We are now encamped at St.Martin du Pin where our friends, Mike & Linda, have rented a gîte for this week. We’ve been to this campsite on a few previous occasions but it is now under new ownership so we had been hoping that it wouldn’t have changed too much. Other than one field now being filled with some endearing goats, the main change seems to be that the place has become something of a bébé magnet, or whatever the Dutch for baby might be. The site has always been v. popular with those particular nomadic European neighbours, and they remain by far the most numerous customers (~90% I’d guess) but, for some reason, this year they’ve seen fit to bring three squealing rugrats with them. One can plan to avoid Satan’s Little Disciples by travelling during school term times but pre-school rugrats remain a potential difficulty. At least the adult contingent seems pleasant and peaceful. Maybe the new owners are advertising in Mothercare magazine, or something. 😀
Anyway, our main reasons for returning regularly to this area are the weather together with a couple of picturesque local harbours at Mèze and Marseillan. Both are pleasant places to sit with a beer while watching the world go by. This is exactly what we tried to do at Mèze having cycled to the town from the campsite. We picked a harbour-side table at a harbour-side bar and sat down waiting to order deux pressions [two draught beers]. Shortly afterwards and, mercifully, before anyone had come to our table to take our order, a delivery van screeched to a halt 6ft/2m in front of us thus comprehensively obscuring our view of said world passing by. Not wishing to pay bar prices for a view of the side of a van, we left and cycled back.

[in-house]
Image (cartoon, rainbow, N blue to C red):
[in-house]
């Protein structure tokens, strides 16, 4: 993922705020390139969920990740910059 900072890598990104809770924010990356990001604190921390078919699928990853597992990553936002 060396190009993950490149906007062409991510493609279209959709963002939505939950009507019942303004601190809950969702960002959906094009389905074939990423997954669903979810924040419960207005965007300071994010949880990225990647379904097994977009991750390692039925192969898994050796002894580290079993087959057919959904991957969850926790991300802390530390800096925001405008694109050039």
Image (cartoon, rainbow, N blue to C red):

The other thing these harbours excel in is selling platters of the locally caught/produced coquillages [shellfish], especially oysters. Neither of these harbours opens directly onto the Mediterranean but rather on the Basin de Thau which is home to a very large oyster farming industry. Marseillan harbour is by far our favourite, being particularly attractive and relatively calm, mostly. Happily, our attempt to sample the seafood their after yet another bicycle trip, was considerably more successful and we managed to part with a little of our tourist cash without the view being spoiled – and very good our lunches were, too. Naturally, being aboard bicycles rather than driving, we thought it was de rigeur to wash down our seafood with a bottle of the local dry white wine speciality, Picpoul de Pinet.